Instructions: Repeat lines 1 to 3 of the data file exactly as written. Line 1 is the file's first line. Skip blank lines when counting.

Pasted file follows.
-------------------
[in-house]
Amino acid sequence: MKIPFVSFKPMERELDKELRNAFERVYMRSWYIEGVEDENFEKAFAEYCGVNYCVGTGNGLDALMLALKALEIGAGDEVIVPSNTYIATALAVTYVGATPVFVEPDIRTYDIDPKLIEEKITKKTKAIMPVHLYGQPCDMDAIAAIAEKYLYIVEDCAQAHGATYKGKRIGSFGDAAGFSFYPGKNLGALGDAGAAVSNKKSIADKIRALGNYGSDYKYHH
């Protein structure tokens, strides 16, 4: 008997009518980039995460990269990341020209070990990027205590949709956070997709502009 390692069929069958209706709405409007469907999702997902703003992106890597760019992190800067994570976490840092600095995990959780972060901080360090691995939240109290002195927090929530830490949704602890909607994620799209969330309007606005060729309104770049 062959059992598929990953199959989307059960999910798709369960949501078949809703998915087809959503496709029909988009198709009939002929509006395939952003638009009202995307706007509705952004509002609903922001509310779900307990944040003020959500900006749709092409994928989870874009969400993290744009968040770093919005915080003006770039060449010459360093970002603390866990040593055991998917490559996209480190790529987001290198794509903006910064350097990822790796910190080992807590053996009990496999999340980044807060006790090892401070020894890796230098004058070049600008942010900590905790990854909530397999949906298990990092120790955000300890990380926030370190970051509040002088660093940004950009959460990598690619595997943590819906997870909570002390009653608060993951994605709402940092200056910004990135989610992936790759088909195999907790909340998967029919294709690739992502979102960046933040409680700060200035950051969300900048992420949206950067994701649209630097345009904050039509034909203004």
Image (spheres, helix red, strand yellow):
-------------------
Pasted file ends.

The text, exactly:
[in-house]
Amino acid sequence: MKIPFVSFKPMERELDKELRNAFERVYMRSWYIEGVEDENFEKAFAEYCGVNYCVGTGNGLDALMLALKALEIGAGDEVIVPSNTYIATALAVTYVGATPVFVEPDIRTYDIDPKLIEEKITKKTKAIMPVHLYGQPCDMDAIAAIAEKYLYIVEDCAQAHGATYKGKRIGSFGDAAGFSFYPGKNLGALGDAGAAVSNKKSIADKIRALGNYGSDYKYHH
């Protein structure tokens, strides 16, 4: 008997009518980039995460990269990341020209070990990027205590949709956070997709502009 390692069929069958209706709405409007469907999702997902703003992106890597760019992190800067994570976490840092600095995990959780972060901080360090691995939240109290002195927090929530830490949704602890909607994620799209969330309007606005060729309104770049 062959059992598929990953199959989307059960999910798709369960949501078949809703998915087809959503496709029909988009198709009939002929509006395939952003638009009202995307706007509705952004509002609903922001509310779900307990944040003020959500900006749709092409994928989870874009969400993290744009968040770093919005915080003006770039060449010459360093970002603390866990040593055991998917490559996209480190790529987001290198794509903006910064350097990822790796910190080992807590053996009990496999999340980044807060006790090892401070020894890796230098004058070049600008942010900590905790990854909530397999949906298990990092120790955000300890990380926030370190970051509040002088660093940004950009959460990598690619595997943590819906997870909570002390009653608060993951994605709402940092200056910004990135989610992936790759088909195999907790909340998967029919294709690739992502979102960046933040409680700060200035950051969300900048992420949206950067994701649209630097345009904050039509034909203004």